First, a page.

The UK’s most romantic gardens to visit for Romantic Garden lovers
What can be more romantic than the English garden; roses, topiary, a riot of colour. We headed south to the Kent / Sussex border to visit some of the UK’s most romantic gardens. The area has some very romantic vistas with picture perfect cottages, grand estates, rolling countryside and has managed to somehow keep its rural feel, despite being relatively close to the capital.
We stayed in the aptly named Cottage in the Garden, where Jacqueline Evill welcomed us into this very special sanctuary. Placed perfectly at the end of the garden it overlooks the beautiful romantic garden and the stunning rolling countryside beyond. This area benefits from some of the most sunshine hours in the UK so in the evenings you can enjoy the glorious sunsets while having a drink on the cottage’s veranda. With such a climate it’s little wonder that one of the neighbours is a Champagne vineyard of note!
We visited the following gardens during June 2015 - a perfect month to see many flowers in their prime, including the romantic rose. On top of that we were told that this year has been a bumper year for roses so we were in for a treat.
Nymans | A romantic garden for all tastes
Nymans offers something to everyone; far reaching parkland views with stunning specimen trees (make sure you take in the views from the romantic bench at the Prospect), an enchanting walled forecourt garden, a circular rose garden and the stunning June borders, all set against the fairytale backdrop of the gothic ruins of the house. This is a garden on a grand scale and it’s easy to spend most of the day here. Also recommended are the second hand books shops in the old potting sheds for some great literary finds. Nymans website »
Sissinghurst Castle Gardens | Fall in love with gardens all over again
If we could only visit one garden ever again then this would be it. Sissinghurst is magical. Without any exaggeration, be prepared for this place to put a spell on you. And it seems it did the same for its founders, even without any of the gardens in place. Vita Sackville-West, the poet and writer, and her husband, diplomat and author Harold Nicholson fell in love with Sissinghurst Castle in the 1930s. The fact that they were opposites in many regards must have worked for them, or at least for their beloved garden. Harold designed the layout with a sense of symmetry and strong architectural lines. Vita expressed herself with a riot of colour and abundant planting schemes.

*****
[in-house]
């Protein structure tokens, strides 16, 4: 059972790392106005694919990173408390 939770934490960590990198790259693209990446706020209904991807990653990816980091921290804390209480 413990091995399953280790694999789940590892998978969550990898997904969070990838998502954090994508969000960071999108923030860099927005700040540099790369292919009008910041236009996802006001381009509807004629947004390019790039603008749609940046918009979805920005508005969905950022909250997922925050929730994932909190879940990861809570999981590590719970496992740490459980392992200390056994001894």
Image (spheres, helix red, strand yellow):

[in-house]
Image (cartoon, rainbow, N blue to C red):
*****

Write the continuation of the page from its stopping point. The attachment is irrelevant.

The garden is made up of different ‘rooms’, each very different in planting style and scheme. Just about every one of these rooms bowled us over, from the white garden to the walled garden around the castle towers itself. Probably our favourite was the large rose garden created around a small circular lawn with yew hedging. The planting in this border is what we now consider quintessentially English cottage garden. A close second would be the cottage garden around Boat House with many hot and clashing colours. Or should it be the white garden? Or perhaps the long borders leading to the moat? As you can tell we were spoilt for choice.
A must see… Sissinghurst will make you fall in love with gardens all over again. Sissinghurst Castle website »
Standen House & Garden | Arts & Crafts at its finest
Standen is probably not best known for its gardens. Instead, most flock here to see one of the country’s finest Arts & Crafts houses that still have that ‘lived in’ feel. In fact, we were ready to move but I suspect we might have to join a very long queue for this privilege.
Yet, the gardens around Standen are well worth a visit. There are some well planned borders around the South Lawn and Terrace and other parts of the garden is undergoing restoration to revive the Arts & Crafts garden as it would have been planted by Margaret Beale, including a new rosery.
The Kitchen Garden is a hive of activity and produces many ingredients for the Barn Cafe. We love seeing fruit and vegetable gardens and this is a very pretty one at that. Standen House website »
Scotney Castle | Romantic Gardens around a ruined moated castle
There are over 770 acres of glorious woodlands, parklands and gardens to explore at Scotney Castle; perfect for romantic walks across this very pretty estate. We loved the gardens around the moated old castle which is now mostly ruined. The planting is very thoughtful and with such a romantic backdrop you simply can’t go wrong. A lovely place to sit, take in the surrounding beauty and simply be with your loved one. Scotney Castle website »
Great Dixter | A bold and experimental garden
We had high hopes for Great Dixter and it did not fail to deliver. Created by great British gardener Christopher Lloyd it is his philosophy and character that shines through to make this one of the leading gardens in the world. Christo, as he was known to his friends, was a true gardening pioneer, constantly experimenting with new planting schemes and pushing the borders (no pun intended!) on what we now consider standard practice in gardening. He pioneered the mixed border, focusing on contrasts in colour, foliage and structure and this is nowhere more visible than in the stunning long border at Great Dixter.
Ever the enfant terrible of the horticulture establishment, Christopher replaced the classical English rose garden with a bold exotic garden and turned the perfectly mown lawn in the topiary garden into a wild flower meadow.
Great Dixter brings excitement, delight and joy. Set against the backdrop of the beautiful oak framed buildings, this is a garden not to be missed. Great Dixter website »